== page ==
East Grand Forks eyes cell tower locations
After objections were heard from residents at the prospect of a cell tower moving into their neighborhood, the East Grand Forks City Council agreed Tuesday to study where the most receptive places to boosting reception in town are.
The City Council voted unanimously Tuesday to request an independent radio frequency study to determine where cell towers are most needed in East Grand Forks. Verizon Wireless, which is seeking to build a new tower in the city, will pay for the study.
The East Grand Forks Planning Commission had approved placing the tower on the Valley Golf Course old clubhouse site on 21st Street Northwest. At a workshop meeting last week, several residents of the area opposed to the placement of the proposed 65-foot tower, which will be designed to look like a street light, near their homes.
City Administrator David Murphy acknowledged there could be concerns raised by residents no matter where the study finds tower placement to be best.
K-9 fundraiser approved
In a split vote, the City Council approved allowing the Police Department to raise money for a new addition to the force: a four-legged officer.
East Grand Forks Police Chief Mike Hedlund said the city has not had a K-9 unit since the mid-1990s and he believes the dog could be a positive addition to the force while acknowledging it was not a top priority and comes with expenses.
The department was seeking council approval to pay for some of those initial expenses, such as buying the dog and a new vehicle to carry it, with help from the public. Hedlund estimates those startup costs would total about $55,000, including $13,000 to train the dog and its handler and $35,000-$40,000 for a K-9 designated vehicle.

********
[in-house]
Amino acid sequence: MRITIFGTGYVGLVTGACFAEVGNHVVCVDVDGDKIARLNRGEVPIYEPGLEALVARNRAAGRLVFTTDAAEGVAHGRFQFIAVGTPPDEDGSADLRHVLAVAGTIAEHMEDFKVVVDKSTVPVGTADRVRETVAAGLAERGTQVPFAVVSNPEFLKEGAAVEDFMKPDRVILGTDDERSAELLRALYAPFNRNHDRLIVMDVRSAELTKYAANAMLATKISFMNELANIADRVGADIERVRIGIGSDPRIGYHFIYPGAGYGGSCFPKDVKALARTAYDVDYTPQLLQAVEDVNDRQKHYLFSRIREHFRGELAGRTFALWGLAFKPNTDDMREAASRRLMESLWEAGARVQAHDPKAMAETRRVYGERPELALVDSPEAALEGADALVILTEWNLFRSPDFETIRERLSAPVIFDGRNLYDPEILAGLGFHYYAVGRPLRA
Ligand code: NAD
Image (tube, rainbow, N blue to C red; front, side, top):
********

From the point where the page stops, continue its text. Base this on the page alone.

The K-9 officer would also require about $13,000 per year in annual costs.
Hedlund said he asked Crookston Police and Polk County Sheriff's Office leaders if they'd be interested in sharing training costs, as none of the departments currently has a dog, and both agencies declined.
Council member Mike Pokrzywinski argued a dog is not necessary for the police force.
"I think it would have a use, I just don't think East Grand Forks should shoulder the burden of it alone," Pokrzywinski said.
Council member Henry Tweten said the dog would be an important in helping to curb drug trafficking in the area.
"One of the things we must remember is we've got the entire landscape of northern Minnesota permeated with all kinds of drugs," Tweten said.
East Grand Forks Police do receive K-9 assistance from Grand Forks, but a dog is only available about half the time, Hedlund said.
Council member Marc DeMers said the city shouldn't be spending more when it is going through a tight budgeting process and said he doesn't like the idea of the city fundraising from the public to cover an expense.
The motion passed 4-3 with DeMers, Pokrzywinski and Clarence Vetter opposed.
Hedlund said the department will work on a mechanism to solicit donations for a K-9 program.